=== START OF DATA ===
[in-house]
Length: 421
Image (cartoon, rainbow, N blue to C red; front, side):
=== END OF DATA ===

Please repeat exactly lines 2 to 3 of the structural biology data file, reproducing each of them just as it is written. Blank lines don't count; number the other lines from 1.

Length: 421
Image (cartoon, rainbow, N blue to C red; front, side):